Tuesday, April 12, 2011

Pity the Poor Tea Partier!

By Robert Parry
April 12, 2011

Just think for a moment about the 55-year-old Tea Party activist who today is caught up in the excitement over Rep. Paul Ryan’s “bold” Republican budget. Picture the activist adjusting his tri-corner hat, waving his yellow “Don’t Tread on Me” flag, and thrilled that finally someone is getting serious about dismantling the socialist tyranny of Medicare.

Read on.


Gregory L Kruse said...

Going by insurance company lights, death of a diabetic in his late sixties is not premature. They want everyone to pay the price of their own weaknesses. Eating too much sweet food is a pre-existing condition. Being born prematurely is a pre-existing condition. Being poor is a pre-existing condition. They want everyone who is uninsured to die on schedule, and for those who are insured to pay their premiums on time without complaining about the 30% profit margin.

Peter Loeb said...


"You don't miss your water 'till
your well runs dry."

Other (democratic) industrial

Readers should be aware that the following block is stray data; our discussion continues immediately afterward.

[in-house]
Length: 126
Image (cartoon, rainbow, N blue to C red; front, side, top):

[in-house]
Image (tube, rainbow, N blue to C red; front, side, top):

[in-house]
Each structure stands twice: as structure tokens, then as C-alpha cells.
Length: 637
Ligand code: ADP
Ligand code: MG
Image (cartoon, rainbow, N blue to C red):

nations have put together
combinations of private and public
health care inputs. I personally
prefer those with heaviest reliance
on the public ---and publicly controlled-- role (eg Scandinavian
models among others).

Other versions have been used. I believe Canada with its "Medicare"
(not to be confused with US
"Medicare") is based on public
INSURANCE payments being made to
essentially private providers.

Americans are being taught that
each person has no basic responsibility for his/her neighbor's health.

If a tenant who lives down the
hall has cancer (or other condition), that is not MY concern.
The ill person should have worked
and gotten a coverage (profitting
private insurance, of course!).

Until this fabrication, encouraged
by those making profits, is
replaced, Americans will never
recognize their own role in making
access to health care a RIGHT.

"Competition" (unregulated) does not makes prices go down. If there
are more cars being sold, does the
cost of your vehicle come down...
by %50...by %25...? Of course not.

Exceptions are the Wealthy (to
whom we look up as "models") and
those who have become the media's
"neediest cases". We feel virtuous
if we make a charitable contribu-
tion...which we then can deduct from OUR own taxes.

This is no way to "run a railroad"
as Mr. Kruse points out eloquently

I do not personally believe that
a fight for universal health care
(or by any other name, it would
smell as sweet!) is in the cards
this year. I have supported fights
for meaningful healthcare for years.

All the enthusiasm of advocates
however admirable will not produce
the votes in Congress or the will
in the White House.

One can only hope for that pride
in charity which attaches to small
voluntary tokens.